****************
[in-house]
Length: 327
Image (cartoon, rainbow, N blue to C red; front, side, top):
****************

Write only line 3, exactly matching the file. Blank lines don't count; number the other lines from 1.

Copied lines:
Image (cartoon, rainbow, N blue to C red; front, side, top):